Madeline Stuart is bringing her message of tolerance to high fashion.
Aug 14, 2015 - Samantha Cowan
Much of high fashion’s elitist reputation is well deserved. Tall, white, skinny models have traditionally dominated catwalks to show off luxury collections for a celebrity audience. But some designers have realized that diversity is in.
Come fall, 18-year-old Madeline Stuart will become the second woman with Down syndrome to strut the catwalk at the biannual New York Fashion Week. Stuart follows in the footsteps of one of her biggest inspirations, actor Jamie Brewer of American Horror Story, who walked the runway in February.
Stuart will model clothes for FTL Moda, whose winter-spring show featured models in wheelchairs, with amputations, and with other physical disabilities. Now, the brand is teaming up with the Christopher & Dana Reeve Foundation to show that “fashion is free from confines.”Although Down syndrome is the most common chromosomal disorder—roughly one child is born with Down syndrome for every 1,000 births worldwide—recent studies have demonstrated that ignorance and intolerance toward people with intellectual disabilities remains rampant. More than 20 percent of Americans think people with intellectual disabilities shouldn’t be allowed to vote, and 38 percent feel using the word “retarded” is acceptable in some circumstances.
Stuart hopes that her modeling career can change perceptions about people with disabilities. “Exposure is creating awareness, acceptance, and inclusion,” Stuart wrote on her Facebook page.
She appears to be doing just that. The past few months have been a whirlwind of success for the Australian native, who has posed for fitness brand Manifesta and was named the face of a new handbag line from everMaya.
Stuart’s mom, Rosanne, isn’t surprised by her daughter’s success and acceptance in the fashion community. “The world wants to be inclusive, it just hasn't had anyone on such a platform that they were able to do it easily,” Rosanne told Cosmopolitan.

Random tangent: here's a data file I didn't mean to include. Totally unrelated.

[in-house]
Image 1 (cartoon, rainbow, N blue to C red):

New York Fashion Week looks like the perfect platform for Stuart to continue to spread her message of acceptance. February’s event demonstrated that beauty comes in more than one form by featuring a more diverse array of models, including transgender actor Laverne Cox, models of varying sizes in Kanye West’s collection, and Winnie Harlow, a model with the skin disease vitiligo.
Someone Left a ‘Faker’ Note by Her Handicapped Tag. Here’s What They Didn’t Know About Her
College student Julie McGovern was issued a handicapped parking pass years ago due to a chronic illness that leaves her unable to stand or walk for long periods of time. But because she doesn’t require crutches or a wheelchair, she often feels uncomfortable using it.
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How coordinated care gives patients the freedom to stay at home
BY David Pelcyger July 27, 2015 at 10:26 AM EDT
Editor’s note: As America’s population ages, more families will be faced with rising health care needs. As we reported in November, nearly 79 percent of adults who need long-term care live at home or in community settings, not in an institution. And in January, Medicare started paying primary care doctors a monthly fee to better coordinate care for the most vulnerable seniors — those with multiple chronic illnesses — even if they don’t have a face-to-face exam. The goal is to help patients stay healthier between doctor visits, and avoid pricey hospitals and nursing homes.
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